5 Site Optimization Blunders that Will Kill Your Rankings

As I have worked with numerous websites throughout my career as a professional SEO, I have seen many different problems which have caused websites to not be able to rank well in the search engines. The following problems are the five biggest mistakes that I have seen made over and over again.

Blocking the Search Engine Crawlers

The Robots.txt file is a file which contains instructions for search engine crawlers telling them where they can and can’t go on a specific website. Crawlers look for this file when they first hit the website. You can prevent crawlers from visiting certain pages or folders on your website by using the Robots Exclusion Protocol in the Robots.txt file. The error occurs when the webmaster accidently blocks the root folder of the website in this file and prevents the crawlers from crawling the entire website. If your Robots.txt file has a line which looks like Disallow: / then you are blocking your entire website.

JavaScript Navigation

Many sites use JavaScript to create drop-down, accordion and other styles of navigation. These types of navigation can help make it very easy for visitors to navigate large websites. However, for search engine crawlers it can look much different. The problem with JavaScript is that while there is a fully functional menu for website visitors, there are no links in the actual source code. Search engine crawlers rely on links in the code to navigate the website. Disable JavaScript in your web browser and then look at your website. If you can’t see the site navigation then crawlers won’t see it either.

Too Much Flash

Flash can take a plain website and make it into an extraordinary one. Complete sites created in Flash can contain videos, images, animations and other features to result in a fantastic user experience. The downside to it all is the type of crawler experience it gives. Because all the elements of a website created in Flash are contained in the video file, those elements are not visible to search engine crawlers. Content and links in Flash do not exist to search engine crawlers. If your website is built in Flash, consider moving some elements outside of the Flash video. Include content on your website and some type of HTML navigation to help the crawlers navigate your website and know what each of the pages is about.

301 Redirects and Canonical Tags

301 redirects are used to tell crawlers that a page has been permanently moved to a new one. Canonical tags are used to tell crawlers that out of a series of similar pages, one specific page should be included in the search results. Canonical tags should not be used as 301 redirects. When not used properly, canonical tags can prevent proper indexing of a website. If you are using canonical tags you should evaluate what they are being used for. Does your website have multiple categories generated dynamically by the same script, which are all similar to each other with the only difference being the products that are displayed? Do you have pages on your website which can be displayed with several different URLs? Both of these situations would be ideal for using canonical tags.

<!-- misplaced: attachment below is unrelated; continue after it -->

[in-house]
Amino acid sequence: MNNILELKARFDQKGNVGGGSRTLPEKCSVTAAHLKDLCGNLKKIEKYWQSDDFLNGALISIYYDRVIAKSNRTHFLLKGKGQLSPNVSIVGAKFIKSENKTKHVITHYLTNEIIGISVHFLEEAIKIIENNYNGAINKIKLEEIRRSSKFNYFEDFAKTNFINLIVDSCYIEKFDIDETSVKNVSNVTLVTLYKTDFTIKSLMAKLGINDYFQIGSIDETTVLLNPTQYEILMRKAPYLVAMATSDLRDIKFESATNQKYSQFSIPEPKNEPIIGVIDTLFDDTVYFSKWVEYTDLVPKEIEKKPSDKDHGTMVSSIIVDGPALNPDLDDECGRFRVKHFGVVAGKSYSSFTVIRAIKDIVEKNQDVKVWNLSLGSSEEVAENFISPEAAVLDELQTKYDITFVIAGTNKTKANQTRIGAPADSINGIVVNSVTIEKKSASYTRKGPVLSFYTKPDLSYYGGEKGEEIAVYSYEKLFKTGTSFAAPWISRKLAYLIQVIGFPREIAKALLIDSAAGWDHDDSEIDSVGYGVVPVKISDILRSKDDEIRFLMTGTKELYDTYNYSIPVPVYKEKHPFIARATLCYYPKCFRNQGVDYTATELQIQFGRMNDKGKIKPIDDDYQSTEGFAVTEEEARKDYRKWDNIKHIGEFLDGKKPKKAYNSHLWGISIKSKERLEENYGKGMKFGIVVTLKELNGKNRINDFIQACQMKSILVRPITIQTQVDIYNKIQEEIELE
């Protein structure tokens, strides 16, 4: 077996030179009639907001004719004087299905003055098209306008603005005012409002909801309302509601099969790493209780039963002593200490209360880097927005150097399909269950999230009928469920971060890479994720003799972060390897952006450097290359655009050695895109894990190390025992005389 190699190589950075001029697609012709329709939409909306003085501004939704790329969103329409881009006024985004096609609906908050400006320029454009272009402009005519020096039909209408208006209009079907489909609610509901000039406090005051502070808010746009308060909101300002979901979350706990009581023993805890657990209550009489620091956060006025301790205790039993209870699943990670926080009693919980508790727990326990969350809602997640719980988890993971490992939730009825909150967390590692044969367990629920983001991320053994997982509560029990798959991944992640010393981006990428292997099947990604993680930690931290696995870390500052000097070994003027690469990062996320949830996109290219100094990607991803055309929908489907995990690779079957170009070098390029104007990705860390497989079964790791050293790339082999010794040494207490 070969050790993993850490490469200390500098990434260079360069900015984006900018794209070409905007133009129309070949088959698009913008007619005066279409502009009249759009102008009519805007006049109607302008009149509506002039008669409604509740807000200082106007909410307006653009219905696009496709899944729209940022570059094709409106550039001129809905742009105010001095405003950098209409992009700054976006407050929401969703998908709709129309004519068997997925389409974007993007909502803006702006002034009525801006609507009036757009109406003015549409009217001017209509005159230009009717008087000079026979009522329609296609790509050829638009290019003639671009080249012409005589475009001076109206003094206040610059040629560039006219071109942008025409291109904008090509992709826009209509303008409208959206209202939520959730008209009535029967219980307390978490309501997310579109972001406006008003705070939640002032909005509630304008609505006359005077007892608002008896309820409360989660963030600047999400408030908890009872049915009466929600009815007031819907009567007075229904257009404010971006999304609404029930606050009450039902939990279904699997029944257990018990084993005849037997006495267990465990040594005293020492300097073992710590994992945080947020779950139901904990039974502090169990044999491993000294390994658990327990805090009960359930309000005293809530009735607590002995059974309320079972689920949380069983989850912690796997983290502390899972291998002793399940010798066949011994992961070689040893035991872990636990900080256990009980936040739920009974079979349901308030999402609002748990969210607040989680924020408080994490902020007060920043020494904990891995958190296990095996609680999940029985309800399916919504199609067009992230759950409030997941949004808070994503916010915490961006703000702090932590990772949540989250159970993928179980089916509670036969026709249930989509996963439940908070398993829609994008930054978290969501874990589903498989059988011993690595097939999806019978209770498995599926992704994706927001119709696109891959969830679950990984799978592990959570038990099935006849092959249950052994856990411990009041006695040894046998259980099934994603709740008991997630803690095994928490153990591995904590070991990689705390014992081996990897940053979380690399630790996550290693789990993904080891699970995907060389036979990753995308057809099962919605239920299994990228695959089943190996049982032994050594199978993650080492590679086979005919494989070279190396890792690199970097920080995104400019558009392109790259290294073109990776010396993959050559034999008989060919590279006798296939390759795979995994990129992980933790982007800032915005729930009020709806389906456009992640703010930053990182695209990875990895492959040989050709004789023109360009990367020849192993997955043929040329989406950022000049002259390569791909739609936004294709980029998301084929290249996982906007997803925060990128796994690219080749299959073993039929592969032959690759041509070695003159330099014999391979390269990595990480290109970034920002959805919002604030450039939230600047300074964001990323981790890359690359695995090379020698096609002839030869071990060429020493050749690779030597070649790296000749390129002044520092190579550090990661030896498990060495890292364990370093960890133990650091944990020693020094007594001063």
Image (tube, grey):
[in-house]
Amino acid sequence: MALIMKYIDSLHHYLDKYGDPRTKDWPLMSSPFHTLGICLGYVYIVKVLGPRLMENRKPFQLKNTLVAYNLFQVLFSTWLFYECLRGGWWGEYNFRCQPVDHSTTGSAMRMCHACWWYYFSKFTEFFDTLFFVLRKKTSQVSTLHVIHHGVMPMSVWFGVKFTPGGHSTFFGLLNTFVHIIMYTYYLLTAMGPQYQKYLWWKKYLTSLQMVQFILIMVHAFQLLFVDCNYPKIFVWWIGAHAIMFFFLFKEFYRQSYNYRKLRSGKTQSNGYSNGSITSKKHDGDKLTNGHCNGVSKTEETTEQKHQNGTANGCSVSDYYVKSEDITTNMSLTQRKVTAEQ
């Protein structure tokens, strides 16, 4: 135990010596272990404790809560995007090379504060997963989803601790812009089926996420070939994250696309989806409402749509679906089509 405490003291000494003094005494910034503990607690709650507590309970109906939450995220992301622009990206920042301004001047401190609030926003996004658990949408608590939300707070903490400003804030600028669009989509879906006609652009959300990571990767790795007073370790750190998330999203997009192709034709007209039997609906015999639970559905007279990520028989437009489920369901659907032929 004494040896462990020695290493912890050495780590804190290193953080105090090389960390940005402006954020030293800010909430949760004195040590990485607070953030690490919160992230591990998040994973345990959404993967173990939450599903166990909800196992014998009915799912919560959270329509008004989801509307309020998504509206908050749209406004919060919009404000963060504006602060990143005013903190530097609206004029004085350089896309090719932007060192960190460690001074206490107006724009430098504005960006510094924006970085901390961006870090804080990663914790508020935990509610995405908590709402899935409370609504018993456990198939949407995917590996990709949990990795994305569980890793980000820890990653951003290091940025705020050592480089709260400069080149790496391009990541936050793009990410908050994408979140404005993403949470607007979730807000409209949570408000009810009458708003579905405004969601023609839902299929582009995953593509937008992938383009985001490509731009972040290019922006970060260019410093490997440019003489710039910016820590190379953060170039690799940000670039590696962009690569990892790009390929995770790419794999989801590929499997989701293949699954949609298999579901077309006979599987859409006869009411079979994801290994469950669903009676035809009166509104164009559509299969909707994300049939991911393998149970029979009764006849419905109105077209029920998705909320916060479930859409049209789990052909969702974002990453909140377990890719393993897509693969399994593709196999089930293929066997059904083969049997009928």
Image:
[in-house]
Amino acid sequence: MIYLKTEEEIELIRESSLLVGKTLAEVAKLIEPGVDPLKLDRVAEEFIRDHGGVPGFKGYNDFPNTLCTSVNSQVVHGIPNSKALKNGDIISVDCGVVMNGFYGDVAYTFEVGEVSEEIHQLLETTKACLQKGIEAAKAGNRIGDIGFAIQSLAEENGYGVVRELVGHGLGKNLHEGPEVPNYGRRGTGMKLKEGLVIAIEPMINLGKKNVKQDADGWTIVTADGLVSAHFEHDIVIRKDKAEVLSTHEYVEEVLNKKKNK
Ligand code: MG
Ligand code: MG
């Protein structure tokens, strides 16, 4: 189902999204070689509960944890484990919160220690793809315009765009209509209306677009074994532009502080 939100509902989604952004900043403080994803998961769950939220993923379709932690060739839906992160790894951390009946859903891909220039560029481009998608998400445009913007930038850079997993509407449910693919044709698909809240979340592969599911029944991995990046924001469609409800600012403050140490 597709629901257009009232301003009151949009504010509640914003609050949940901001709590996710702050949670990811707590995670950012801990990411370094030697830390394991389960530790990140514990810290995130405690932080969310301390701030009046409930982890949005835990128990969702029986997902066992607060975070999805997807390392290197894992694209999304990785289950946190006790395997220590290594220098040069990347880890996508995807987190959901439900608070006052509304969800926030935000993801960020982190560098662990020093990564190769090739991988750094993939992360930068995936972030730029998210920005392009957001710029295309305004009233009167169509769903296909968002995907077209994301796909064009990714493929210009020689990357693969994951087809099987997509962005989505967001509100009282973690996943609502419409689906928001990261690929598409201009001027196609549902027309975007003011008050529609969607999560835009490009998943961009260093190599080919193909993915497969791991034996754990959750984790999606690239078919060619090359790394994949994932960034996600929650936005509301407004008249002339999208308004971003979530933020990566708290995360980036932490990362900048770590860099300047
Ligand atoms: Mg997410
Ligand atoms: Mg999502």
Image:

Duplicate Content or No Content

Good quality content is critical to ranking well. Google has stressed the importance of having lots of good quality content on a website and their focus on content was made even more apparent with the Farmer / Panda Update. Crawlers rely on content to determine what a page should rank for in the search results. Because Google wants to give the best user experience, they are making a big push to show only websites with high quality content. Duplicate content, shallow or poorly written content was the focus of the Farmer / Panda Update. Sites that had problems with content quality saw a drop in rankings when the update was pushed live last month. Look at the content on your website. Do you have enough of it? Is it original or was it copied from another website? Expand on your content where the webpage has very little and write your own content for pages where it is copied from another source.

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  1. Paul Salmon says

    For many people that use Javascript menus, they may not be aware of the implications when it comes to SEO. Since they can see the links on the screen, they think that Google and other search engines can also see them, which is not true, as you pointed out. An alternative is using CSS for the menus since the links are in the source code.

    As for Flash, I was never a big fan of those even as a visitor. They may look good, but they can be a pain to navigate and to optimize.

    • Dustin Williams says

      I agree. Many people look at their website and think that if they can see all the links then so can the search engines. Same problem exists with Flash. Only with Flash, every element of the video will be invisible to search engine crawlers.

  2. Maciej says

    I still don’t understand why people want to build all flash websites. I come across conversations from time to time where certain parts of the business community still think a flash website is “cool”.

  3. annie says

    i agree from your blog. great collection and infromation in this blog. thanks for providing this video also. From the video the things are better to be understood. the things are easily understandable.thank you for this valuable blog

  4. says

    “Disable JavaScript in your web browser and then look at your website. If you can’t see the site navigation then crawlers won’t see it either.”

    This is not true. If javascript is rendering the nav, SE’s cannot crawl them, however if javascript is used to display nav items, the spiders can certainly crawl those links.

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